At the onset of AdWorks, AT&T discussed operating an exchange like Telefónica, according to one person familiar with AT&T. But the conversations did not venture far. "I don't think buying an ad exchange or getting into that business was ever really on the table, given their concerns about privacy," the person said.

Those concerns have hung tightly over the carriers in their advertising maneuvers. Verizon debuted Precision Market Insights in sports stadiums last fall, giving marketing sponsors access to its users inside for data-location and tracking. The company has had to stress the "opt-out" feature of its tracking following negative press coverage.

Worried regulators are a hurdle, too. "There's hesitation because no one wants to be called out to some Senate hearing," Mr. Chand said of the carrier's initiatives.

Carriers can identify cell phone owners with far more granular detail -- within fifty feet of the exact location -- than the big mobile ad players, Google and Facebook, can, said Akshay Sharma, research director of Carrier Network Infrastructure at Gartner Research. But so far, the risks of privacy backlash have outweighed the benefits for carriers of unleashing the full potential of its first-party data.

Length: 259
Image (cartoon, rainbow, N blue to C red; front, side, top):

"They have an advantage that they just haven't leveraged," Mr. Sharma argued. "Carriers don't want it to look like they're data-mining you."

Sprint, the third-place operator, has taken a different tactic than its larger rivals. In 2012, it created its mobile ad service Pinsight Media, a subsidiary that uses Sprint's distribution channel primarily to run mobile-app advertising campaigns. The company has powered initiative for PayPal and Supercell, the mobile gaming company.